Mystique in the forest
Skurugata is an approximately 800-meter long gorge. The narrow trail is between 7 and 24 meters wide and has steep walls that are up to 35 meters high. It is a powerful sight to stand at the bottom of Skurugata and look up at the high walls of stone with all their mystery and beauty.
The name Skurugata comes from the long and narrow gorge with its high and steep walls of rock. “Skuru” is an ancient word for fault or a larger ravine in Swedish.
The theories about how Skurugata came about are many. The most common explanation is that the gorge was formed by an ice river during the melting of the ice sheet. Others believe that the gorge is a crack in the bedrock or a rift. The rock consists mainly of gray-brown porphyry, which here and there shifts to red.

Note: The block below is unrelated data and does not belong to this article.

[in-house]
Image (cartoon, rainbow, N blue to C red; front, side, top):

From the top of Skuruhatt you will find an impressive view that stretches for miles over the forests in Småland. Here you will find several barbeque areas, tables, and benches as well as toilets. There is an adapted trail for wheelchairs from the parking space to Skuruhatt.
Albert Engström Memorial stone
There is a memorial stone over Albert Engström at Skurugata. There is a quote on the stone from Engström himself which reads:
"The people who live in these farms are probably of the purest gold. These tenacious, meager workers, who are struggling with their poor land and conquering, conquering, are not a people to be liked."
Skurugata has attracted people for over 100 years. This is an old photograph that Bertil Haage from Eksjö has found and shared with us. On the back of the card, it says "Taken in the street on July 20, 1913"..